Photosensitive Epilepsy

Guidelines for Television

23 February 2009
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Since the 1950's television has been the most commonly reported trigger of seizures in photosensitive people. Originally it was thought that faulty functioning of TV sets was responsible, but it is now believed that neither this nor the usual movements of images on the screen seem to play any significant role in provoking epileptic seizures. The most important criterion is the nearness of the TV screen. The closer the person to the set the more the screen fills their entire field of vision and the greater the effect of the flicker frequency of the picture. Other associated factors can be tiredness and alcohol.

Guidelines for watching TV: A few simple procedures can be taken to avoid seizures resulting from watching TV.

  • The person should be seated at least three metres (ten feet) away from the set, and a lamp should be placed on top of the set to counteract the brightness of the screen.
  • Use the remote control to change channels.
  • A hand placed over one eye when approaching the screen will lessen the effects of the photic stimulation.

When purchasing a new TV set consider the following issues:

  • Most European sets are 50 hertz but it is possible to obtain 100 hertz sets which are standard in the U.S. and do not cause the problems associated with low flicker rates.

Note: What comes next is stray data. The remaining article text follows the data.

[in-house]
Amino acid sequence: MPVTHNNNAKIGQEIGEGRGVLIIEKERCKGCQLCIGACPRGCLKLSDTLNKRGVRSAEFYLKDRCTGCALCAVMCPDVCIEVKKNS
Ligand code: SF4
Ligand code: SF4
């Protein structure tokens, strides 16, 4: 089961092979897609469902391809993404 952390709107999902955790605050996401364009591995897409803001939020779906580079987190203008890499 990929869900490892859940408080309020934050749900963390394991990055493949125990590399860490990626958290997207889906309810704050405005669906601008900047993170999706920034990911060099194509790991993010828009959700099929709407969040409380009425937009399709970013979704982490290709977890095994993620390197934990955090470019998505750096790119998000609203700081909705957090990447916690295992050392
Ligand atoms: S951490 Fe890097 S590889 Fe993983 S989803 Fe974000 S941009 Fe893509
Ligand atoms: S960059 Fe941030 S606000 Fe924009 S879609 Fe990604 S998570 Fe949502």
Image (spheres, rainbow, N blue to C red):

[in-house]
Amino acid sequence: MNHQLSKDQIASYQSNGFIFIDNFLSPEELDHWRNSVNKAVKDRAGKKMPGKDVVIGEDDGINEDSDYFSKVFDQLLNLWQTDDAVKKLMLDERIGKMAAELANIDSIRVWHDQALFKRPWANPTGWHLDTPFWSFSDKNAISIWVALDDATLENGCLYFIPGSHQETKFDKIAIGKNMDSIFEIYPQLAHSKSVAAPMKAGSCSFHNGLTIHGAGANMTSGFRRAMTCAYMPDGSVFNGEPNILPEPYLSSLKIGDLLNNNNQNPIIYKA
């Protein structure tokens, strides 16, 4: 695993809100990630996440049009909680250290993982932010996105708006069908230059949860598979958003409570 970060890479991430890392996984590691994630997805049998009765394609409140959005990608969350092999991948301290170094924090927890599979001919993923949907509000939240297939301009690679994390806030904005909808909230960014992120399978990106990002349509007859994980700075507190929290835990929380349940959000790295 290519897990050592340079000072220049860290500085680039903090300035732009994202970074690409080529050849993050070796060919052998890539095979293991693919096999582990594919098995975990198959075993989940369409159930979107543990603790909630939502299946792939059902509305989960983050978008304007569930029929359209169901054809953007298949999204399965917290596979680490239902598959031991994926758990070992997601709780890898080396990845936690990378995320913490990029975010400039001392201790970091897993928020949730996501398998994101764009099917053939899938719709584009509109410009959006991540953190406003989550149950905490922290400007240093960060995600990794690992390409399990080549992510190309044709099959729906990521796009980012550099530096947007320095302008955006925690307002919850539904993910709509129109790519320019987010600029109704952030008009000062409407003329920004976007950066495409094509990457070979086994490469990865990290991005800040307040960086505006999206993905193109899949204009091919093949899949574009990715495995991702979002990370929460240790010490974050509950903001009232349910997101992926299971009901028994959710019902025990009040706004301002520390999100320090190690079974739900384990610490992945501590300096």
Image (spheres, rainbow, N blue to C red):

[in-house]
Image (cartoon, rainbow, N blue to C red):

• LCD (liquid crystal display) screens are flicker free.
  • The larger the set the more likely the image is to fill the entire visual field. Widescreen TV may be popular but the characteristics of the set and it's size may cause problems for susceptible individuals that a smaller, higher hertz or LCD set won't do.

Position of the TV set;

  • Ideally position the TV at the furthest end of the room where it is being viewed where viewer are seated 3 metres from the screen. Ensure the area around the set is kept well lit to avoid strong contrast. Keep trailing flexes to a minimum for safety reasons ideally tack them to a surface like skirting boards. Consider wall mounting the TV where practical as freestanding sets can be knocked over during seizures.
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